Abstract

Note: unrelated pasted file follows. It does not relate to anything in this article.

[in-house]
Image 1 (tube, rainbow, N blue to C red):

The Bailadores zinc-lead-copper sulfide deposit, located near the town of Bailadores in the southern Venezuelan Andes, represents a potentially large base metal occurrence. Originally it was perceived as a vein deposit, but the recent recognition of associated siliceous pyroclastic rocks and the stratiform nature of the sulfide mineralization suggest that it is a volcanogenic massive sulfide.The sulfides occur in the lower part of the Upper Paleozoic Mucuchachi Formation along the contact between an underlying basal pyroclastic unit, which unconformably overlies the Precambrian basement rocks, and overlying black phyllite, which is the dominant rock type of the Mucuchachi Formation. The volcanic rocks appear to form a local pile which interfingers with the overlying phyllite along its flanks.Associated with the mineralization are a chloritic quartzite and a chlorite-biotite-margarite schist, both of which are located in the footwall. The chloritic quartzite was possibly originally a pyroclastic rock which has been altered by silicification and sericitization and is similar to chlorite alteration pipes observed, for example, with some Archean massive sulfide deposits. The schist was probably a pelitic sediment, enriched in Mg, Ca, and Fe.The massive sulfide zone consists of sphalerite, pyrrhotite, galena, chalcopyrite, and minor arsenopyrite and pyrite. Gangue minerals include quartz, chlorite, and sericite. Disseminated mineralization associated with the massive sulfide zone includes pyrrhotite-sphalerite-galena with minor chalcopyrite in siliceous phyllitic rocks, usually in the immediate hanging wall or footwall, and pyrrhotite-chalcopyrite with minor sphalerite and galena in the footwall chloritic quartzite. Typical zoning is from lead-zinc in the upper massive zone to copper in the footwall.Rocks in the vicinity of the deposit have been sheared and metamorphosed. The Mucuchachi Formation has undergone general low-grade regional metamorphism, whereas the Bailadores area has been subjected to somewhat higher grade metamorphism with the development of garnet and the formation of pyrrhotite from the pyrite which is more typical regionally.The Bailadores deposit is interpreted to be a stratiform volcanogenic massive sulfide deposit based on the following criteria: (1) Sulfide mineralization is stratigraphically controlled. (2) Alteration within the pyroclastics and stratigraphically below the massive sulfides suggests that mineralization resulted from hydrothermal activity related to late-stage volcanism. (3) Fine interbanding of sulfides and pelitic sediments adjacent to the massive sulfide zone indicates contemporaneous emplacement in a marine environment. (4) Zoning of metals from lead and zinc in the massive hanging-wall zone to copper in the disseminated footwall zone is typical of many deposits of this type.

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